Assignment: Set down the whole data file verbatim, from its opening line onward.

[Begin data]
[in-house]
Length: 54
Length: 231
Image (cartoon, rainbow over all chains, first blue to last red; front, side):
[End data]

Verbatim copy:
[in-house]
Length: 54
Length: 231
Image (cartoon, rainbow over all chains, first blue to last red; front, side):